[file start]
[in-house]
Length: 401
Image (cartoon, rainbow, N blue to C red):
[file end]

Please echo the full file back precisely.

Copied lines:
[in-house]
Length: 401
Image (cartoon, rainbow, N blue to C red):